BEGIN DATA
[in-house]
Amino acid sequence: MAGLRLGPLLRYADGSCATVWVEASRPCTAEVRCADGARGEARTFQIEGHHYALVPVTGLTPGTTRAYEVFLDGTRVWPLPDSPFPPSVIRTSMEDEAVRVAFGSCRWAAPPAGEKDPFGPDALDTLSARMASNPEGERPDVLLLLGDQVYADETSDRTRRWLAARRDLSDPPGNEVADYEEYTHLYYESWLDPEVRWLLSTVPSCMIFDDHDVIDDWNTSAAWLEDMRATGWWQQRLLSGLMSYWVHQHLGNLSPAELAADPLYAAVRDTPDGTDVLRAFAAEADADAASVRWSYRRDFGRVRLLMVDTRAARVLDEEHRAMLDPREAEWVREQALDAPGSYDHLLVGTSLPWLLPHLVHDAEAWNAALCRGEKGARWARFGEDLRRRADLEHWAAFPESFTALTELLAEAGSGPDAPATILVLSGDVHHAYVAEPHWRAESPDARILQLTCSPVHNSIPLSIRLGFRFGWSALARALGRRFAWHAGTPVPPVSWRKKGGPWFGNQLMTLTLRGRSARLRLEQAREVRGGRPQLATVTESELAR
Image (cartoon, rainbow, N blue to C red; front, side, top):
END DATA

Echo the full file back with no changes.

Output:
[in-house]
Amino acid sequence: MAGLRLGPLLRYADGSCATVWVEASRPCTAEVRCADGARGEARTFQIEGHHYALVPVTGLTPGTTRAYEVFLDGTRVWPLPDSPFPPSVIRTSMEDEAVRVAFGSCRWAAPPAGEKDPFGPDALDTLSARMASNPEGERPDVLLLLGDQVYADETSDRTRRWLAARRDLSDPPGNEVADYEEYTHLYYESWLDPEVRWLLSTVPSCMIFDDHDVIDDWNTSAAWLEDMRATGWWQQRLLSGLMSYWVHQHLGNLSPAELAADPLYAAVRDTPDGTDVLRAFAAEADADAASVRWSYRRDFGRVRLLMVDTRAARVLDEEHRAMLDPREAEWVREQALDAPGSYDHLLVGTSLPWLLPHLVHDAEAWNAALCRGEKGARWARFGEDLRRRADLEHWAAFPESFTALTELLAEAGSGPDAPATILVLSGDVHHAYVAEPHWRAESPDARILQLTCSPVHNSIPLSIRLGFRFGWSALARALGRRFAWHAGTPVPPVSWRKKGGPWFGNQLMTLTLRGRSARLRLEQAREVRGGRPQLATVTESELAR
Image (cartoon, rainbow, N blue to C red; front, side, top):